5) Promote safe maternal and newborn care. Although the direct health impact of COVID-19 on pregnant women and newborns is still unclear, the pandemic is certain to present new barriers to safe prenatal, delivery and postnatal services. The United States faces a maternal mortality crisis and vast disparities in maternal health outcomes, as do many other countries; these are likely to worsen during a public health crisis when there may be a shortage of health care providers and supplies, and patients may have difficulty traveling to and affording the care they need. Congress must prevent the further deterioration of maternal and newborn health, and should:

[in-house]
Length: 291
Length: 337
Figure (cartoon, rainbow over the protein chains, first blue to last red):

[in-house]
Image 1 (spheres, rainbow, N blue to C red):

6) Protect the pharmaceutical supply chain. The global supply chain for medication and other health care supplies is under severe strain because of widespread disruption from the pandemic. As Congress acts to address potential shortages, it should:


7) Support telehealth for reproductive health services and providers. Telehealth is being deployed during the pandemic to provide a broad range of health care services while limiting unnecessary travel and in-person interactions. Many reproductive health services can be safely and effectively provided via telehealth, including contraceptive counseling and prescription, medication abortion, preexposure prophylaxis to prevent HIV, and some prenatal and postpartum care. Congress should: